ACS to honor Bettye Washington Greene with National Historic Chemical Landmark designation

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A Black woman in a lab coat with scientific equipment
Bettye Washington Greene in an undated photo from her time at The Dow Chemical Company.
Courtesy of Dow and Science History Institute

WASHINGTON, Oct. 20, 2023 — Bettye Washington Greene was a pioneer. In 1965, when she began her career as a research scientist at The Dow Chemical Company (Dow) in Midland, Michigan, she became the first female Black American Ph.D. chemist hired in the chemical industry. The American Chemical Society (ACS) will honor her achievements with the National Historic Chemical Landmark designation during an Oct. 27 ceremony at Wayne State University in Detroit.

“Bettye Washington Greene’s tenure at Dow opened the doors for other researchers of color. Celebrating her achievements is particularly meaningful as we consider the challenges that she must have encountered at that point of our history,” says ACS Immediate Past President Angela K. Wilson, who will speak at the dedication ceremony. “Dr. Washington Greene stands as an aspirational role model for all of us — paving the way toward much-needed diversity across the sciences, across the country and across the globe.”

Born in 1935 in Palestine, Texas, Washington Greene (née Washington) grew up in an environment that was in many ways hostile, rigid and determined to keep her from succeeding. But as one of the first female Black commercial chemists in the U.S., Washington Greene didn’t let the racism and sexism of the era hinder her. She overcame these roadblocks to make significant contributions to the field of materials science.

When Washington Greene graduated from high school in the early 1950s, few professional pathways were available for Black women — or for women in general. Mostly, young women were funneled into nursing or teaching careers. Washington Greene wasn’t interested in either career. She moved to Alabama to attend the Tuskegee Institute (now Tuskegee University), a co-educational, historically Black college. She graduated with a bachelor’s degree in chemistry in 1955. Two months after graduation, she married William Greene, an engineer who trained Tuskegee Airmen.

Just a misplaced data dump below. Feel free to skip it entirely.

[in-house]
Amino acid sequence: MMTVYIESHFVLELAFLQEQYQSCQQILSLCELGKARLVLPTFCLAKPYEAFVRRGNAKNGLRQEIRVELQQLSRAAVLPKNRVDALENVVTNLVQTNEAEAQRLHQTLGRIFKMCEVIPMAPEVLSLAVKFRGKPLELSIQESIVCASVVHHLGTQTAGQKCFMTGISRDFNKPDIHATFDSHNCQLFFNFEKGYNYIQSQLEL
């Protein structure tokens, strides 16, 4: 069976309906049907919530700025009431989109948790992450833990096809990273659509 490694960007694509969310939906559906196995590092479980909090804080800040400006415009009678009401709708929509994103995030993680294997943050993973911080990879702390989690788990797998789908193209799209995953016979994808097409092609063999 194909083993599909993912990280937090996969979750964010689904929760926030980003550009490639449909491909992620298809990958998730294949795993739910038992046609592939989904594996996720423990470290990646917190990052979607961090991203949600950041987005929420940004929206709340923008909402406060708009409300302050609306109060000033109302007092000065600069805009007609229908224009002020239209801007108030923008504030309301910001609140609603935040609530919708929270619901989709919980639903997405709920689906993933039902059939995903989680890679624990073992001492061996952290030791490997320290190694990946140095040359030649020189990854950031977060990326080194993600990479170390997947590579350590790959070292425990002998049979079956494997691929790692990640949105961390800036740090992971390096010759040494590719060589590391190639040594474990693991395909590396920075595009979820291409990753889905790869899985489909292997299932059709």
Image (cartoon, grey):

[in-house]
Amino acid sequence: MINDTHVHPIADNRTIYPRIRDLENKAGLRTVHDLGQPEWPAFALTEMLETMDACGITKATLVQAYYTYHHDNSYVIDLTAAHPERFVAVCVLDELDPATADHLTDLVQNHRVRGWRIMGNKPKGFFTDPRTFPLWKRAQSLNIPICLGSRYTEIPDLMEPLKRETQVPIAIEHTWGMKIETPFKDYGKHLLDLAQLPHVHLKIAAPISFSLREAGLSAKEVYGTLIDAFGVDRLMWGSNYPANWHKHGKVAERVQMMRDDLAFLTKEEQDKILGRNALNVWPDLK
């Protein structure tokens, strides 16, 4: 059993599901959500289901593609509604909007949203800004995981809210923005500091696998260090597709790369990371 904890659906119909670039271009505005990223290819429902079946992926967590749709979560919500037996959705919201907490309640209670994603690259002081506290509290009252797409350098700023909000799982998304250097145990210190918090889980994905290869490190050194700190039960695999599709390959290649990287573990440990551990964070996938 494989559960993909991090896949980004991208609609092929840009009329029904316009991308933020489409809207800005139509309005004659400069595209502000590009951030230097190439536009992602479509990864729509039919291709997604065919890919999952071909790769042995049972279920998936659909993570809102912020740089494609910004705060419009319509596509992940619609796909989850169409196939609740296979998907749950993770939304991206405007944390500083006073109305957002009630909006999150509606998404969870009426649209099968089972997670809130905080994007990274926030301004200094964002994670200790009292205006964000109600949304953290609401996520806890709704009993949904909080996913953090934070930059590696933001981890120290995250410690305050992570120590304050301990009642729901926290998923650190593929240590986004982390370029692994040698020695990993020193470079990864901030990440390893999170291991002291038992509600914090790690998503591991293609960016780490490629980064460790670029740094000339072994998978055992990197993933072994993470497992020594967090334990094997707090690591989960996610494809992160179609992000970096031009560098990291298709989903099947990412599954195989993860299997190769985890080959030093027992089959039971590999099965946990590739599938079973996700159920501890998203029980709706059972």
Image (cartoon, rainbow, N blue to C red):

By the early 1960s, Washington Greene decided she wanted to continue her education. She earned her Ph.D. at Wayne State in 1965. In doing so, she became the fifth Black woman to earn a doctorate in chemistry in the U.S. Later that year, Washington Greene was recruited by Dow. She was the first Black female research scientist on the company’s staff. In fact, she was the first female Black American Ph.D. chemist hired by any chemical company.

Washington Greene’s research at Dow on light scattering techniques, latexes and other subjects contributed to innovations in pharmaceuticals, cosmetics, paints, coatings and catalysts. In the course of her work, she was issued three patents.

Washington Greene retired from Dow in 1990. She died on June 16, 1995, at the age of 60.

The Oct. 27 Landmark dedication will be held from 2 to 6 p.m. EDT at Wayne State. The program will include the Second Annual Bettye Washington Greene Endowed Memorial Lecture; the designation ceremony, featuring remarks by representatives from Wayne State, Dow and the Washington Greene family; and a discussion and short film about Washington Greene's life and contributions to science.

Wayne State will host a livestream of the ceremony starting at 2 p.m. EDT via the following link:


The American Chemical Society (ACS) is a nonprofit organization chartered by the U.S. Congress. ACS’ mission is to advance the broader chemistry enterprise and its practitioners for the benefit of Earth and all its people. The Society is a global leader in promoting excellence in science education and providing access to chemistry-related information and research through its multiple research solutions, peer-reviewed journals, scientific conferences, eBooks and weekly news periodical Chemical & Engineering News. ACS journals are among the most cited, most trusted and most read within the scientific literature; however, ACS itself does not conduct chemical research. As a leader in scientific information solutions, its CAS division partners with global innovators to accelerate breakthroughs by curating, connecting and analyzing the world’s scientific knowledge. ACS’ main offices are in Washington, D.C., and Columbus, Ohio.

ACS established the National Historic Chemical Landmarks program in 1992 to recognize seminal events in the history of chemistry and to increase awareness of the contributions of chemistry to society. Past Landmarks include the invention of Polaroid instant photography, the discovery and production of penicillin, the invention of synthetic plastics and the works of such notable scientific figures as educator George Washington Carver and environmentalist Rachel Carson. For more information, visit

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Note: ACS does not conduct research, but publishes and publicizes peer-reviewed scientific studies.

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